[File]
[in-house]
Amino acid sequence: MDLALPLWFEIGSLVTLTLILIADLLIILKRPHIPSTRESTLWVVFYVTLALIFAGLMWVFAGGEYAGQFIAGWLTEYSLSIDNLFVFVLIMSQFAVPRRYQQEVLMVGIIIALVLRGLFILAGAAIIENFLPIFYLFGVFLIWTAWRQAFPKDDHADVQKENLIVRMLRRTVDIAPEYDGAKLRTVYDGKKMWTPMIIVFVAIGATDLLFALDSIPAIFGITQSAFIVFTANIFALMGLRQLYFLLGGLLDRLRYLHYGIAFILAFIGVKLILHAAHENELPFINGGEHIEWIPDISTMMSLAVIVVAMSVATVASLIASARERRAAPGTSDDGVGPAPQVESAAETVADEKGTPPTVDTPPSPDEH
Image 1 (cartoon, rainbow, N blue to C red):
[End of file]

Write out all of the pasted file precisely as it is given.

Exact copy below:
[in-house]
Amino acid sequence: MDLALPLWFEIGSLVTLTLILIADLLIILKRPHIPSTRESTLWVVFYVTLALIFAGLMWVFAGGEYAGQFIAGWLTEYSLSIDNLFVFVLIMSQFAVPRRYQQEVLMVGIIIALVLRGLFILAGAAIIENFLPIFYLFGVFLIWTAWRQAFPKDDHADVQKENLIVRMLRRTVDIAPEYDGAKLRTVYDGKKMWTPMIIVFVAIGATDLLFALDSIPAIFGITQSAFIVFTANIFALMGLRQLYFLLGGLLDRLRYLHYGIAFILAFIGVKLILHAAHENELPFINGGEHIEWIPDISTMMSLAVIVVAMSVATVASLIASARERRAAPGTSDDGVGPAPQVESAAETVADEKGTPPTVDTPPSPDEH
Image 1 (cartoon, rainbow, N blue to C red):